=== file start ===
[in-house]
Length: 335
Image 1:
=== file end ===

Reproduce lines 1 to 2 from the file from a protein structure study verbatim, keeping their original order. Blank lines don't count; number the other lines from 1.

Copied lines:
[in-house]
Length: 335